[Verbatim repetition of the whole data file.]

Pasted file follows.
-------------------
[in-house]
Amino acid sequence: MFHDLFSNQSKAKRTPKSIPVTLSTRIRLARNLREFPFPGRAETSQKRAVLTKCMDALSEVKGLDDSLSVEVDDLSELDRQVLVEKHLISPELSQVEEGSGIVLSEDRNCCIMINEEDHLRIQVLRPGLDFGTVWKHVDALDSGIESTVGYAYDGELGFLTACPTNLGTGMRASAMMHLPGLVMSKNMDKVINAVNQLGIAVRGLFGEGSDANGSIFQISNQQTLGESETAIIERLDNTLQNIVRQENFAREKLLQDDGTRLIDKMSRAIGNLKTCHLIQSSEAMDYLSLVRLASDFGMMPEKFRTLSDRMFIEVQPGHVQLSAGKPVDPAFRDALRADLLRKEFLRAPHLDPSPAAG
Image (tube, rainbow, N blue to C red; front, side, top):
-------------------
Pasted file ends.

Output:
[in-house]
Amino acid sequence: MFHDLFSNQSKAKRTPKSIPVTLSTRIRLARNLREFPFPGRAETSQKRAVLTKCMDALSEVKGLDDSLSVEVDDLSELDRQVLVEKHLISPELSQVEEGSGIVLSEDRNCCIMINEEDHLRIQVLRPGLDFGTVWKHVDALDSGIESTVGYAYDGELGFLTACPTNLGTGMRASAMMHLPGLVMSKNMDKVINAVNQLGIAVRGLFGEGSDANGSIFQISNQQTLGESETAIIERLDNTLQNIVRQENFAREKLLQDDGTRLIDKMSRAIGNLKTCHLIQSSEAMDYLSLVRLASDFGMMPEKFRTLSDRMFIEVQPGHVQLSAGKPVDPAFRDALRADLLRKEFLRAPHLDPSPAAG
Image (tube, rainbow, N blue to C red; front, side, top):